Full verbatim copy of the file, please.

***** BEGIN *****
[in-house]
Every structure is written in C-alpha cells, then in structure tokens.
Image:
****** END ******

[in-house]
Every structure is written in C-alpha cells, then in structure tokens.
Image: